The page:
Eastport resident Andrew Little, who worked two decades for the Philadelphia Police Department, is sworn in by City Clerk Ella Kowall as Eastport's police chief on Thursday, April 8, 2021. Credit: Courtesy of City of Eastport

Eastport has hired a former longtime officer with the Philadelphia Police Department as its next police chief.

Andrew Little, who moved to Eastport less than a year ago, was sworn in Thursday to head the small police department, according to James Porter, Eastport’s interim city manager. Little worked as a police officer in Philadelphia for about 20 years, most recently as a sergeant, Porter said. Little left his prior job in Philadelphia not long before moving to Eastport last year, he said.

“He’s going to start today,” Porter said Thursday.

Little’s salary as chief is $55,000, Porter said.

Additional information about Little was not available Thursday. Attempts to contact Little by phone after he was sworn in were not successful.

William Boone, chairman of the elected city council, said Thursday that the board voted unanimously on Wednesday in favor of Porter’s recommendation to hire Little. He said he was impressed with Little’s demeanor and enthusiasm.

“I feel very confident he will bring some professionalism back to the department and build the morale down there,” Boone said.

Little takes over a department that has a history of turnover, including the firing of his predecessor, Peter Harris, last fall. Harris appealed his firing by Porter’s predecessor, Thomas Hoskins II, and the city council offered him his job back, but Harris decided not to return.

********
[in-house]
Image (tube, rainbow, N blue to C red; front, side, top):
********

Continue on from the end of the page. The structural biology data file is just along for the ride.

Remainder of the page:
Hoskins, who had been city manager for less than a year, was fired by the council in January.

Harris was the ninth person to serve as Eastport’s police chief in the past 10 years, according to the Quoddy Tides newspaper, which makes Little the city’s 10th police chief in that same time period.

The city also is looking to hire a long-term city manager. Hoskins was the fifth person to hold that position since 2010. Porter worked for the city of Calais for more than 20 years, the final four as city manager, before retiring from that job in 2018, according to The Calais Advertiser.

Boone said the council is grateful to Porter for helping to fill in, and that councilors hope to hire a new city manager before too long so Porter can “get out on the lakes and go fishing.” He said the council plans to interview several candidates this coming Monday.

A news reporter in coastal Maine for more than 20 years, Bill Trotter writes about how the Atlantic Ocean and the state's iconic coastline help to shape the lives of coastal Maine residents and visitors....